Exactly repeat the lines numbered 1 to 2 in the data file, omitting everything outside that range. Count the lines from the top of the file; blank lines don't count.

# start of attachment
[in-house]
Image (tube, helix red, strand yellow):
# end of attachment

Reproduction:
[in-house]
Image (tube, helix red, strand yellow):